for(var i = 0; i < adjToMonster.length; i++) {
let temp = numbers.indexOf(adjToMonster[i])
addValueToArray(temp, 10);
}
for(var i = 0; i < adjToGold.length; i++) {
let temp = numbers.indexOf(adjToGold[i])
addValueToArray(temp, 5);
}
for(var i = 0; i < adjToPit1.length; i++) {
let temp = numbers.indexOf(adjToPit1[i])
addValueToArray(temp, 2);
}
for(var i = 0; i < adjToPit2.length; i++) {
let temp = numbers.indexOf(adjToPit2[i])
addValueToArray(temp, 2);
}
for(var i = 0; i < adjToPit3.length; i++) {
let temp = numbers.indexOf(adjToPit3[i])
addValueToArray(temp, 2);
}
for(var i = 0; i < adjToPit4.length; i++) {
let temp = numbers.indexOf(adjToPit4[i])
addValueToArray(temp, 2);
}

Let's again take pit 4 to understand the code. We call a function that we haven't created yet, named addValueToArray let's add that first:

function addValueToArray(index, value) {
tempArray[index] = tempArray[index] + value;
}

So now in the adjToPit4 array we have index 8 and 13. So the for-loop will run two times. As at the start, we randomized the numbers array so we find at which index of the numbers array 8 and 13 have shuffled to. We store it in a temp variable and then addValueToArray adds it at the tempArray exactly at the same index as numbers array. As tempArray was initialized with 0 so we add 2 in the case of pits and 5 in the case of gold and 10 in the case of monster. These values will help us determine which hint will show at which index in the grid. Next, we'll do that.

for(var i = 0; i<tempArray.length; i++) {
switch(tempArray[i]) {
case 10:
numberStrs[i] = "πŸ‘ƒ";
break;
case 5:
numberStrs[i] = "✨";
break;
case 2:
case 4:
case 6:
case 8:
numberStrs[i] = "πŸ’¨";
break;
case 23:
case 21:
case 19:
case 17:
numberStrs[i] = "πŸ’¨βœ¨πŸ‘ƒ";
break;
case 15:
numberStrs[i] = "πŸ‘ƒβœ¨";
break;
case 7:
case 9:
case 11:
case 13:
numberStrs[i] = "βœ¨πŸ’¨";
break;
case 18:
case 16:
case 14:
case 12:
numberStrs[i] = "πŸ‘ƒπŸ’¨";
break;
case 0:
numberStrs[i] = "❎";
break;
default:
console.log("Error# 874B3: Temp Value array value is not found. Value = " + tempArray[i]);
} //EO Switch
}//EO For-loop

Once the tempArray is loaded with the values we made we run a for-loop on it. The case numbers are very easy to determine, as we know the weight for each pit is 2, gold is 5 and monster carries a weight of 10. So let's say a box has all three a pit, gold ad monster its value will be 2+5+10 = 17 and in the code above you can see case 17 is adding πŸ’¨βœ¨πŸ‘ƒ to the array. Let's say there were two pits, gold and monster around a box its value will be 2+2+5+10 = 19, and as you can see how the case is handled.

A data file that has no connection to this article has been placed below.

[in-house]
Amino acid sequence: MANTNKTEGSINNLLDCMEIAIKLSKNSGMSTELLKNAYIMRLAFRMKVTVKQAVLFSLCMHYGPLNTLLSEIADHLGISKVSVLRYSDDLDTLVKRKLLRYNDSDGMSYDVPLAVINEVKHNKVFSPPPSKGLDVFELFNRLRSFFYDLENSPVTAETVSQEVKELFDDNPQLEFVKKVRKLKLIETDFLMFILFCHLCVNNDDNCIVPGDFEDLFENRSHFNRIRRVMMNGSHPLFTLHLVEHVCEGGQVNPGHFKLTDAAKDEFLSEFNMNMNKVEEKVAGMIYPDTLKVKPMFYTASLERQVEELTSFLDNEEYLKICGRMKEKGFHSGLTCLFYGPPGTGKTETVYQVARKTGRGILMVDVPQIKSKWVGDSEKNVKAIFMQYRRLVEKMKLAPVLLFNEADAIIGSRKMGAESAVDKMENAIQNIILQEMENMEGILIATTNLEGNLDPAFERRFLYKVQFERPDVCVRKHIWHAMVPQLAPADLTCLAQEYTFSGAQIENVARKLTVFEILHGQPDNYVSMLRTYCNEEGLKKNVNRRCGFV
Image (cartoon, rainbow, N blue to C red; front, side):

As we're replacing numbers with emojis so we still need to replace values for our monster, gold, and pits. So after the for-loop ends we add:

numberStrs[indexOfMonster] = "πŸ‘Ή";
numberStrs[indexOfGold] = "πŸ’°";
numberStrs[indexOfPit1] = "πŸ•³οΈ";
numberStrs[indexOfPit2] = "πŸ•³οΈ";
numberStrs[indexOfPit3] = "πŸ•³οΈ";
numberStrs[indexOfPit4] = "πŸ•³οΈ";

Until this point, the code will create the grid exactly required by the simulator. Now to create a gameplay we need to open one box randomly, but it has to be a hint box and not the gold, monster, or a pit. So, we add this code:

//Radom opening of one box when game starts
var tempRandNum;
do {
tempRandNum = Math.floor(Math.random() * 16);
} while (tempRandNum == indexOfMonster || tempRandNum == indexOfGold || tempRandNum == indexOfPit1 || tempRandNum == indexOfPit2 || tempRandNum == indexOfPit3 || tempRandNum == indexOfPit4);
console.log(numberStrs[tempRandNum]);
userGamePlayPattern.push(numberStrs[tempRandNum]);
userGamePlayPatternIndex.push(tempRandNum);

We generate a random number from 0-15 and keep doing that until we find a value that is not equal to the index of our monster, gold, and, pits. In this code, I've just printed that value to the console, but ow we have the index that'll be opened when the game start.

Using this exact logic, with HTML and buttons press code we've developed a simulator running here: https://intuitive-ai.firebaseapp.com/.

Expanding The Grid

In this section, we'll set some ground rules of if this grid of 4x4 is to be expanded then how do we go about it.

A 4x4 grid can make up to 16! = 20,922,789,888,000 (twenty trillion, nine hundred twenty-two billion, seven hundred eighty-nine million, eight hundred eighty-eight thousand) unique games.

When expanding the 4x4 grid it always has to be both the row and column. For example, expanding 4x4 gid to 5x5 is valid but 4x5 or 5x4 is invalid.

If you have added one row and one column then there should be one additional pit. For example, if the grid is now 5x5 there must be 5 pits in it whereas the gold ad monster remains the same.

The index you'll give to the new pit can be an odd number from any of the 5th-row or 5th column.

The above three rules are all there is if you want to expand the grid.